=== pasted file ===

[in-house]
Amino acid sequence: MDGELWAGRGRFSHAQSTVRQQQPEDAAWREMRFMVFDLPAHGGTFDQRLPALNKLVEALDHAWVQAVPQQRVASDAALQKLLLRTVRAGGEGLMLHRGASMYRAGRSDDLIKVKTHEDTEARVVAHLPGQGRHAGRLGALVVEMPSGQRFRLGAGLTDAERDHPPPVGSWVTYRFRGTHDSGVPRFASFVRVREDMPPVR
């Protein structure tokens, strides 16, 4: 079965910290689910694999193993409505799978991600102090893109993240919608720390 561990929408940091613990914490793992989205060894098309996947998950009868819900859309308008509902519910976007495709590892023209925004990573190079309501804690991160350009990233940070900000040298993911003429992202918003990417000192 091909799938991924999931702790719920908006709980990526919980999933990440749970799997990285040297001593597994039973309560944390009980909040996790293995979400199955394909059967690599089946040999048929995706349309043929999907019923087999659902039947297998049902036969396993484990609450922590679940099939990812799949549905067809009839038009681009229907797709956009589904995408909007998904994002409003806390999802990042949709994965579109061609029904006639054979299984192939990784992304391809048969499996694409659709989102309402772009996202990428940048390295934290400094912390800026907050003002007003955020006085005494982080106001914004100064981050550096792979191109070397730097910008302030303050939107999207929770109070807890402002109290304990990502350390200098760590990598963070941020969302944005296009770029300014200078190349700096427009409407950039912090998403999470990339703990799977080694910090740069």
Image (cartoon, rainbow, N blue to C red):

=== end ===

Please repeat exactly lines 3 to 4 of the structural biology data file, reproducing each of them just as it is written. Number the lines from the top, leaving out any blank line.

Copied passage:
């Protein structure tokens, strides 16, 4: 079965910290689910694999193993409505799978991600102090893109993240919608720390 561990929408940091613990914490793992989205060894098309996947998950009868819900859309308008509902519910976007495709590892023209925004990573190079309501804690991160350009990233940070900000040298993911003429992202918003990417000192 091909799938991924999931702790719920908006709980990526919980999933990440749970799997990285040297001593597994039973309560944390009980909040996790293995979400199955394909059967690599089946040999048929995706349309043929999907019923087999659902039947297998049902036969396993484990609450922590679940099939990812799949549905067809009839038009681009229907797709956009589904995408909007998904994002409003806390999802990042949709994965579109061609029904006639054979299984192939990784992304391809048969499996694409659709989102309402772009996202990428940048390295934290400094912390800026907050003002007003955020006085005494982080106001914004100064981050550096792979191109070397730097910008302030303050939107999207929770109070807890402002109290304990990502350390200098760590990598963070941020969302944005296009770029300014200078190349700096427009409407950039912090998403999470990339703990799977080694910090740069």
Image (cartoon, rainbow, N blue to C red):